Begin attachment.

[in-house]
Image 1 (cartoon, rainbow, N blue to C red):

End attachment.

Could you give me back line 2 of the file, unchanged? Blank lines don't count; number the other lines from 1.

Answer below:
Image 1 (cartoon, rainbow, N blue to C red):